McCullers, Peacock combine for 5-3 win; Astros lead series 2-1

Yuli Gurriel had a big night for the Astros. Ezra Shaw/Getty Images

The Astros returned home to Minute Maid Park and took advantage of an early offensive explosion to edge out the Dodgers in Game 3 and take a 2-1 lead in the World Series.

Yuli Gurriel homered, followed by RBIs from Marwin Gonzalez, Brian McCann, and Alex Bregman as the Astros jump all over Yu Darvish in the second inning, ending his night early and riding the early lead to a 5-3 victory in World Series Game 3. Lance McCullers pitched a decent start and was followed by Brad Peacock who finished with a strong three and two-thirds inning relief appearance to seal the win.

McCullers started Game 3 with a pop out of Chris Taylor for the first out of the game. McCullers got the next two batters on a groundout and long flyout near the wall in center field by Justin Turner. George Springer led off the bottom of the inning with a double to right-center off of Yu Darvish but was unable to score as Darvish fought back to retire the next three Astros in order to end the scoreless inning.

The big inning was the second. Logan Forsythe recorded the first hit for the Dodgers in the top of the second with a two-out single but was stranded as Lance McCullers got a groundout to end the half inning. Gurriel gave the Astros the lead in the bottom of the inning, putting the first run on the board with a solo home run to the Crawford Boxes off of Darvish, making it 1-0 Houston. Josh Reddick followed with a double into the left-field corner, followed by a walk to Evan Gattis, putting runners on first and second with no outs. Gonzalez added to the Astros' lead with an RBI single off the left-center wall, making it a 2-0 game. McCann was next up and added another no-out run, hitting a single into right-center to make it 3-0. Bregman added one more, scoring Gonzalez from third on a one-out sac fly, extending the lead again to 4-0. Jose Altuve was the eighth batter of the inning and hit a two-out double to put runners on second and third, and prompted a call to the bullpen to end Darvish's brief, rough night. Kenta Maeda entered the game for the Dodgers and was able to get the third out to end the four-run inning.

McCullers struggled to start the top of the third, walking the first three batters to load the bases with no outs. He battled back from it, though, getting a double play which scored a run to make it a 4-1 game, then a groundout for the third out to get out of the jam with just one run. Kenta Maeda worked around a two-out walk of Gattis in the bottom of the inning to end the inning and send the game to the fourth.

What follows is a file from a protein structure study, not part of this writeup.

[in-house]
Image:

In the top of the fourth, McCullers rebounded from the rough third inning to get a quick half inning thanks to Yasiel Puig being thrown out at second trying to advance after a single got past Bregman into left field. Maeda allowed a leadoff single to McCann in the bottom half but then retired the next three in order to end the inning.

McCullers allowed a one-out double to Joc Pederson in the top of the fifth but was able to strand him after some stellar defense behind him to get the next two outs. Maeda got the leadoff out in the bottom of the inning, then was pulled as the Dodgers moved on to Tony Watson from the bullpen. Reddick hit a two-out single, then came all the way around to score as Watson made an errant throw to first on a ground ball from Gattis, extending the Astros' lead to 5-1 before Watson was able to end the inning.

In the top of the sixth, Lance McCullers allowed a leadoff walk to Corey Seager who then moved to third on a no-out double by Justin Turner. McCullers struck out the next batter before A.J. Hinch made the call to the bullpen to bring out Brad Peacock. Peacock allowed a run to score on a groundout for the second out, then another to score on a wild pitch, making it a 5-3 game before Peacock could end the half inning. Tony Watson recorded the first out of the bottom of the inning before the Dodgers went to their bullpen again, this time for Brandon Morrow. Morrow ended up with runners on first and second with one out after an error by Justin Turner and walk to Bregman, but was able to leave them there by getting back-to-back strikeouts of Jose Altuve and Carlos Correa to leave the game at 5-3 going into the seventh.

Peacock returned to the mound for the top of the seventh and worked around a two-out walk of Andre Ethier to get through the half inning and preserve the 5-3 lead. Gurriel led off the bottom of the inning with a double off the scoreboard wall, prompting another pitching change for Los Angeles, bringing in Tony Cingrani. Cingrani was able to get two outs around an intentional walk of Gattis before McCann reached on an infield single to load the bases with two outs, resulting in yet another call to the Dodgers' bullpen, this time to bring out Ross Stripling, who was able to get Springer to fly out to the center field wall to end the inning.